What if my report mentions the cecum, ascending colon, transverse colon, descending colon, sigmoid colon, or rectum?

These are all parts of the large intestine. The cecum is the beginning of the colon, where the small intestine empties into the large intestine. The ascending colon, transverse colon, descending colon, and sigmoid colon are other parts of the colon after the cecum. The colon ends at the rectum, where waste is stored until it exits through the anus.

What is a polyp in the colon?

A polyp is a projection (growth) of tissue from the inner lining of the colon into the lumen (hollow center) of the colon. Different types of polyps look different under the microscope. Polyps are benign (non-cancerous) growths, but cancer can start in some types of polyps. These polyps can be thought of as pre-cancers, which is why it is important to have them removed.

What is an adenoma (adenomatous polyp)?

An adenoma is a polyp made up of tissue that looks much like the normal lining of your colon, although it is different in several important ways when it is looked at under the microscope. In some cases, a cancer can start in the adenoma.What are tubular adenomas, tubulovillous adenomas, and villous adenomas?

Adenomas can have several different growth patterns that can be seen under the microscope by the pathologist. There are 2 major growth patterns: tubular and villous. Many adenomas have a mixture of both growth patterns, and are called tubulovillous adenomas. Most adenomas that are small (less than ½ inch) have a tubular growth pattern. Larger adenomas may have a villous growth pattern. Larger adenomas more often have cancers developing in them. Adenomas with a villous growth pattern are also more likely to have cancers develop in them.

The most important thing is that your polyp has been completely removed and does not show cancer. The growth pattern is only important because it helps determine when you will need your next colonoscopy to make sure you don’t develop colon cancer in the future.

What if my report uses the term sessile?

Polyps that tend to grow as slightly flattened; broad-based polyps are referred to as sessile.

What if my report uses the term serrated?

Serrated polyps (serrated adenomas) have a saw-tooth appearance under the microscope. There are 2 types, which look a little different under the microscope:

  1. Sessile serrated adenomas (also called sessile serrated polyps)
  2. Traditional serrated adenomas

Both types need to be removed from your colon.

What does it mean if I have an adenoma (adenomatous polyp), such as a sessile serrated adenoma or traditional serrated adenoma?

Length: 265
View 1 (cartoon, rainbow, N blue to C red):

These types of polyps are not cancer, but they are pre-cancerous (meaning that they can turn into cancers). Someone who has had one of these types of polyps has an increased risk of later developing cancer of the colon. Most patients with these polyps, however, never develop colon cancer.

What if my report mentions dysplasia?

Dysplasia is a term that describes how much your polyp looks like cancer under the microscope:

  1. Polyps that are only mildly abnormal (don’t look much like cancer) are said to have low-grade (mild or moderate) dysplasia.
  2. Polyps that are more abnormal and look more like cancer are said to have high-grade (severe) dysplasia.

The most important thing is that your polyp has been completely removed and does not show cancer. If high-grade dysplasia is found in your polyp, it might mean you need to have a repeat (follow-up) colonoscopy sooner than if high-grade dysplasia wasn’t found, but otherwise you do not need to worry about dysplasia in your polyp.

How does having an adenoma affect my future follow-up care?

Since you had an adenoma, you will need to have another colonoscopy to make sure that you don’t develop any more adenomas. When your next colonoscopy should be scheduled depends on a number of things, like how many adenomas were found, if any were villous, and if any had high-grade dysplasia. The timing of your next colonoscopy should be discussed with your treating doctor who knows the details of your specific case.

What if my adenoma was not completely removed?

If your adenoma was biopsied but not completely removed, you will need to talk to your doctor about what other treatment you’ll need. Most of the time, adenomas are removed during a colonoscopy. Sometimes, though, the adenoma may be too large to remove during colonoscopy. In such cases you may need surgery to have the adenoma removed.

What if my report also mentions hyperplastic polyps?

Hyperplastic polyps are typically benign (they aren’t pre-cancers or cancers) and are not a cause for concern.